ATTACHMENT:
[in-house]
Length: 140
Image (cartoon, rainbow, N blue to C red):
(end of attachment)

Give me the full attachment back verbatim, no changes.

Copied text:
[in-house]
Length: 140
Image (cartoon, rainbow, N blue to C red):